Sarah: That's beautiful. And it's nice because it's like, she's like had all these relationships that have gone wrong in various ways. But like this one is like, maybe so flamboyantly bad that it's allowing her to like, be like, goodbye to this whole era of my life. That's my dream. 

Mike: And so that is where we are going to start to wrap up the story of Jessica. As you mentioned earlier, one of the things we really like about the story, as opposed to a lot of our other episodes is like, we know that everything sort of works out for Jessica. And so I think we should end with a couple little montages of how things ended up working out for Jessica.

Sarah: I love that, let's do it. 

Mike: So six months after the John Mayer ghosting, she meets her current husband, Eric, who is a football player for a team. And then he retired in 2008 and there's this whole sort of complicated grid, flowchart thing, of like how he ends up at her house. It's like a friend of a cousin of a friend of an employee. But anyway, she's having friends over to watch, I think, a football game ,or maybe a basketball game, like having a bunch of buddies over on like an afternoon. And he shows up, this hot, retired football player. And I really like this, he kind of walks in, you know, to meet the host of the party you're going to, and he walks into the kitchen and she's chatting with a friend and he says, hi, I'm Eric. And he sees that sort of next to her in like the little kitchen Island thing is a book on dream interpretation. And he also notices that it's dog ear and there's a million post-it notes in it. And like this thing has been like loved to death. And so I really liked this about him, that he completely skipped small talk, like no traffic, no weather, and just goes to like, I guess you analyze your dreams. And she says immediately, she's like, yes, I do. Last night. I dreamed that I pooped out a pig and he's like, alright. And then they just sort of instantly clicked. And I guess they sit sort of like in her little kitchen nook on the steps, they just sit shoulder to shoulder and just talk for like two hours. And then as people start to trickle out of her party, he's like, well, better get going. And she's like, stay. And so he spends the night he has to leave early the next morning to go to a Marianne Williamson seminar, which is like a nice little cameo. And so throughout the rest of the book, it's just the experience, over and over again of dating somebody who casts her as the protagonist of these stories. So she has like a thing. She's not sure where it came from, but she has this like fixation on 11:11, like the time.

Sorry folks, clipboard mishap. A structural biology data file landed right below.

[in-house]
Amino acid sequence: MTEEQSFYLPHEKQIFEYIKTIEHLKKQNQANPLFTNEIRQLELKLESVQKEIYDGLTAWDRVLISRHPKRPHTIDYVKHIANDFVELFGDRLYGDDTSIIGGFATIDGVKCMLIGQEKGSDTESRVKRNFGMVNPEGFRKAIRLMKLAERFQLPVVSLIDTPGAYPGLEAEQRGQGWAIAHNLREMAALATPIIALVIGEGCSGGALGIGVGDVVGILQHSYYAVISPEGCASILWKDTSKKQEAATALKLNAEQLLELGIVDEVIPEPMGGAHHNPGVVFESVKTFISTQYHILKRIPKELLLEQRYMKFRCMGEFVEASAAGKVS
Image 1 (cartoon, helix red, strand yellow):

Sarah:  Cause that's when you make a wish in my understanding, right?

Mike: Yeah. Yeah. He proposes to her on November 11th at 11:11 AM.

Sarah:  That’s adorable.  And he's like, you like this and I have noticed.

Mike: It's just a way of being like, I'm going to make this story special for you. Like I'm not, I'm not casting this as like, I'm going to have this amazing proposal story, like jumbotron style. It's like, I want your feeling of specialness to be central to this. She also, one of the things that she actually sort of writes around in the book and I completely understand, is her relationship with her parents. That's something that she never goes into detail. Her description of firing her father is one paragraph. She basically says that her parents get divorced in 2012. She kind of chooses her mom's side. She doesn't see her dad for a while, but he's still her business manager. And he just starts making more and more erratic decisions, apparently. And people we'll say to her like, oh yeah, I thought we had this deal, but then you pulled out at the last minute and she'll be like, what? I've never even heard of this. And eventually what she says in the book is just like, I had to go forward without him. So, you know, she thanks her dad in the acknowledgements, they're still close. I get why she did it, go into it too much. But so that's really all we get of that relationship. She also talks about, you know, sort of running up to this intervention that her friends have in 2017, that she's drinking more. She starts getting more anxious about her body after she has two kids, she decided to get a tummy tuck. She goes into the doctor and the doctor says, I can't do this because there's too much alcohol in your liver and too many prescription drugs, it's not safe. And so I think she just finds another doctor and gets it anyway. Apparently like her staff and stuff start marking the alcohol bottles in her house so they can monitor how much she's drinking.